Five questions with David Waters

Community Servings, a nonprofit provider of medically-tailored meals, recently announced that it has expanded by opening a center in Mansfield, Mass. CEO David Waters answered PBN’s questions about the program and the nonprofit’s expansion.

PBN: How can Rhode Islanders access Community Servings’ offerings?

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WATERS: Rhode Islanders can apply to receive Community Servings’ medically tailored meals with help from their health care provider or case manager. Eligibility is based on two things: a medical or behavioral health diagnosis, and the individual’s ability to maintain a healthy diet and independent lifestyle.

We partner with health care organizations in the Ocean State that share our mission of serving people who face the dual challenges of complex illness and nutrition insecurity. Integra Community Care Network and Providence Community Health Centers are two examples. They are seeing that the provision of medically tailored meals can truly improve health outcomes for their patients.

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We are excited to partner with more health care organizations in the future so that even more Rhode Islanders can access the health benefits of our services. Recently, we were fortunate to receive support from the CVS Health Foundation to help us expand our medically tailored meal program into Rhode Island.

PBN: What are medically tailored meals and how do they support patient health?

WATERS: Medically tailored meals are a nutrition intervention that can be used to treat, prevent or manage specific clinical conditions. Our clients receive a home delivery of fully prepared nutritious meals once a week. Meals are designed by a registered dietitian nutritionist, are tailored to treat a client’s specific chronic conditions, and can be further customized by dietary restriction.

Our in-house RDN and culinary teams collaborate to tailor meals that support the best possible health for people living with such illnesses as cancer, chronic kidney disease, diabetes and heart failure, among other illnesses. We also provide our services to people who have limited mobility post-discharge from the hospital.

It’s also important to say that Community Servings really exists to serve the people whose health, according to the research, benefits the most from this intervention. These are often people who are living with one or more complex chronic illnesses. And these are people who have difficulty accessing healthy food independently and face daily living limitations that make it challenging to manage a complex diet.

PBN: Why did Community Servings expand to Mansfield, MA?

WATERS: Our goal is to help more people access the health benefits of our services. Earlier this year, we opened a satellite distribution center in Mansfield to help us do exactly that.

Southeastern Massachusetts and Rhode Island are our fastest-growing service areas. These are the regions where we know there is significant need for the services we provide.

Operationally, the distribution center helps our delivery drivers reach Rhode Island much more effectively, and the increase in capacity will help us grow our service operations overall.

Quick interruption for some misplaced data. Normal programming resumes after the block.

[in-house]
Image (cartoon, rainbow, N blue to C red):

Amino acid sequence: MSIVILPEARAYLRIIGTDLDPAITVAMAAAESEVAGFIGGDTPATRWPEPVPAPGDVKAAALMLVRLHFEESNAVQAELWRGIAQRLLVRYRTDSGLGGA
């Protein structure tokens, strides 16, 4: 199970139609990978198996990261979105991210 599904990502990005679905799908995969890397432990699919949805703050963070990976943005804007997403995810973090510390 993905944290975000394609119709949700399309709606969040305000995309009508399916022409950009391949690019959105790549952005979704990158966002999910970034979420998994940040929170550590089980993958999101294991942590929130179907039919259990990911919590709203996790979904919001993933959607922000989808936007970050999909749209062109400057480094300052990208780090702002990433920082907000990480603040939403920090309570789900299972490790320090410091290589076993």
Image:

PBN: What are some obstacles people in MA and RI face when trying to access nutritious and healthy food?

WATERS: When people are living with complex illnesses and daily living limitations, one simple but very common obstacle is that preparing food independently just isn’t easy.

Many of our clients have difficulty standing for long time periods and difficulty grocery shopping. Sometimes the challenges relate to physical mobility. In most cases, the challenges relate to economic factors, too.

Additionally, when people have a diet-related illness, like chronic kidney disease, for example, they face the daunting complexity of searching for foods that are nutritionally appropriate, foods that will benefit their health.

This is where Community Servings comes in. We fully prepare five days’ worth of meals, so that clients don’t have to. We tailor meals with an understanding of appropriate dietary therapy by illness, so that clients don’t have to.

PBN: Aside from meal delivery, what other services does Community Servings offer?

WATERS: To address the unique health issues that children and pregnant individuals are facing, we recently introduced two highly customized medical diets. The Pediatric Health Diet is a foundational wellness diet for children with a diagnosis of overweight, obesity, prediabetes or hypertension. The Pregnancy Health Diet can help pregnant and postpartum people with such risk factors as gestational diabetes, preeclampsia or obesity.

Everyone we serve can access nutrition counseling and education services from our in-house team of expert RDNs. The team is available by phone and in the languages our clients speak. RDNs often support clients when it comes to adapting meals for cultural familiarity and preparing medically tailored foods independently.

Last but not least is our volunteer program – a fun and accessible way for corporate teams, individuals and groups to engage in community service together and also play an integral role in Community Servings’ operations.

Our new distribution center in Mansfield hosts two volunteer shifts Monday through Friday, from 9 a.m. to 12 noon and from 1 p.m. to 4 p.m. Anyone interested in signing up can find more information on our website at www.servings.org.

Katie Castellani is a PBN staff writer. You may contact her at Castellani@PBN.com